First public hydrogen fuel station in Texas takes a step forwardDecember 10, 2012
Texas soon to have its first hydrogen fuel station open to the public
Texas will soon have its first public hydrogen fuel station, thanks to funding from the Texas Emission Reduction Program. The program has awarded some $500,000 in funding to Vision Industries, the Environmental Defense Fund, Air Products, and several other participating parties that will help build the station. The station is meant to be fed through an existing hydrogen fuel pipeline and will be open to the public once it is completed. The station will help bolster the state’s currently sparse hydrogen fuel infrastructure.
Infrastructure needed for hydrogen transportation to find traction
Hydrogen transportation is becoming a wildly popular concept. Most of the world’s major automakers have been developing hydrogen-powered vehicles for the past several years and are getting ready to release these vehicles in the near future. Though the auto industry has invested heavily in hydrogen-powered vehicles, these vehicles are not likely to find success if they are not backed by a strong hydrogen fuel infrastructure. Thus, hydrogen stations have begun cropping up all over the world, thanks to the investments of the auto industry itself and organizations like the Texas Emission Reduction Program.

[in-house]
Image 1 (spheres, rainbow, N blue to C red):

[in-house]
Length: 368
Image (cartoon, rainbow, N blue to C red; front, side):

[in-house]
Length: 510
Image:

Funding will help new hydrogen fuel station take form
Funding provided by the program will help fund the development of the new hydrogen fuel station in Port of Houston. There, the station will help provide fuel to various vehicles and equipment, but will also be open to the public. Hydrogen-powered vehicles are currently rare in the U.S., especially outside of California. A comprehensive hydrogen fuel infrastructure is needed in order for these vehicles to expand, and the auto industry has been pushing heavily for such expansion for more than a year now.
Station expected to help curb emissions
The new hydrogen fuel station in Texas is the culmination of a concerted effort from numerous parties that are interested in seeing a reduction in the greenhouse gas emissions produced by the state. The station is expected to help in this effort, as well as spur some economic activity in the Houston-Galveston area.